Breast cancer warning after man's 'impossible' diagnosis
When you think of breast cancer, you think of a form of cancer that affects only women. It doesn't.
While breast cancer in men is rare it's still an issue for the 10 men on average who are diagnosed with it every year in Northern Ireland.
Ian Cranston, 70, was diagnosed with breast cancer in May. Two weeks later he had a mastectomy.
The Portadown father-of-two was given the all-clear in June and has decided to speak publicly to make men aware that it's a cancer that doesn't just affect women.
He said "men also need to check their breasts for changes".
In May, Ian's wife Elizabeth noticed something wrong when he got out of the shower.
She told him he had an inverted nipple and needed to see his GP.
"I didn't know what that meant," said Ian.
"Men can't get breast cancer, I don't have to go to the doctor.
"I wasn't aware I had breasts. This is my chest, men don't have breasts, it's impossible," he added.
Eventually his wife persuaded him to go to his GP, who referred him to Craigavon Area Hospital.
The diagnosis stunned him.
"Men having breast cancer, I couldn't believe it," he said.
"I couldn't do or say anything. My wife Elizabeth cried."
Four days later Ian said he "just broke".
He has decided to help try and raise awareness of the disease, saying that if his speaking out helped one man, it would be worth it.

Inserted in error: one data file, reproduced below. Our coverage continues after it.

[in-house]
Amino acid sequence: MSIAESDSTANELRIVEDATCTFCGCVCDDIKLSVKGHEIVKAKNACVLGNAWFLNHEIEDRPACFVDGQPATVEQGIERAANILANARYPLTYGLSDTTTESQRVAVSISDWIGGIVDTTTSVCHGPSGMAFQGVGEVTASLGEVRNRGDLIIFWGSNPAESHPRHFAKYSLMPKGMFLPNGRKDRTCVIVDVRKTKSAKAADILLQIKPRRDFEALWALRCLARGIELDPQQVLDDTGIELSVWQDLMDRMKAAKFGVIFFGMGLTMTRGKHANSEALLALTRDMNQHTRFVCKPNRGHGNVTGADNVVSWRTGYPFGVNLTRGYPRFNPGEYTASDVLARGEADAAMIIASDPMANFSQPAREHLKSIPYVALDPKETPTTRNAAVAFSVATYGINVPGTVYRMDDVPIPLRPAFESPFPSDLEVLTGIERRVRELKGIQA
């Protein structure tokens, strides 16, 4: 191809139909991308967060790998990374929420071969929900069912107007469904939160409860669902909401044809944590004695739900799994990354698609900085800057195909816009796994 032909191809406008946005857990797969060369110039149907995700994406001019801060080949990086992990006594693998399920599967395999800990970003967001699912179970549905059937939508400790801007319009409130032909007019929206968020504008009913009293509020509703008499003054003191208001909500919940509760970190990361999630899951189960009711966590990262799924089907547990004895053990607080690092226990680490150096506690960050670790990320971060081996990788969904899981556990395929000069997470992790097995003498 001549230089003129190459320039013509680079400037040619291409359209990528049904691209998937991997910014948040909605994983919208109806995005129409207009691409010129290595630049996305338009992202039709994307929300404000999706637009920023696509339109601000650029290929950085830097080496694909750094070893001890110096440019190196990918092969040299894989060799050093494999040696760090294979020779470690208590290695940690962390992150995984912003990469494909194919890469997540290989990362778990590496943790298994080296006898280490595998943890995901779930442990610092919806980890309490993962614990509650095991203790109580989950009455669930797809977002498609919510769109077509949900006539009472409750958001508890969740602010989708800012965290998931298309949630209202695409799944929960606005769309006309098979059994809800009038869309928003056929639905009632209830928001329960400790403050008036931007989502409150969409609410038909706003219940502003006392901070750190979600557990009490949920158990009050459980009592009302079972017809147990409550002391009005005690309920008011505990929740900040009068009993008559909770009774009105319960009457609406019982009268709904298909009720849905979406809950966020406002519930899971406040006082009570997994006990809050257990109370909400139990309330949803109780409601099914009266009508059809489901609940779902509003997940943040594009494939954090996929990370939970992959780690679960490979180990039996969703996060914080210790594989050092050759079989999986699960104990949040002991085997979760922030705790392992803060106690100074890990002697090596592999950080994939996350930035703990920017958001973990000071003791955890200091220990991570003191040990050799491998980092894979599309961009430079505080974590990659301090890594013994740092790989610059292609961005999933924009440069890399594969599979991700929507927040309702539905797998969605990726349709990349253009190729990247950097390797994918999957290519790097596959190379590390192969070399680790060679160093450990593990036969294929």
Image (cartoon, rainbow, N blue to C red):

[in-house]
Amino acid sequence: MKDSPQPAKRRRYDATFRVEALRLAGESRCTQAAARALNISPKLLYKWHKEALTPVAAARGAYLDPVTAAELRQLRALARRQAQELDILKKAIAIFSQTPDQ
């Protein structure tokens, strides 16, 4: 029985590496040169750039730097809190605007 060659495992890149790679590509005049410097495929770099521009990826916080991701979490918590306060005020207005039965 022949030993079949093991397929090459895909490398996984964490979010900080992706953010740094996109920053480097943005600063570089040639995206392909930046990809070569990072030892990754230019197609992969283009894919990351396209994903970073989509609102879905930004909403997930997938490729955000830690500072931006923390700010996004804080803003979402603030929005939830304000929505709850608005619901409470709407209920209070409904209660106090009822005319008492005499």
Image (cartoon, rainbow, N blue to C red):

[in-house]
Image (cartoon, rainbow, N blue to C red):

"I can understand where women are coming from because I've had breast cancer myself," he said.
Signs and symptoms
In the past 23 years, 166 men have been diagnosed with breast cancer, according to the NI Cancer Registry at Queen's University.
While the majority of men diagnosed (99) are aged between 60 and 80, 26 men were under the age of 40. Forty were 80 years old or older.
Annie Treanor, a Southern Trust breast care specialist nurse, said: "Many people don't know that men get breast cancer because they aren't aware that men have breasts.
"But men do have a small amount of breast tissue behind their nipples and this is where breast cancer can develop," she added.
She said signs and symptoms to look out for are similar to that of a female and include:
- An inverted nipple
- A lump anywhere within the breast tissue
- Nipple discharge
- Ulceration or swelling